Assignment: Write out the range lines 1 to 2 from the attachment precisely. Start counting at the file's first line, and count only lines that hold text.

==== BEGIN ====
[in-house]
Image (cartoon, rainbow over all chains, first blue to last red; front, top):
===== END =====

[in-house]
Image (cartoon, rainbow over all chains, first blue to last red; front, top):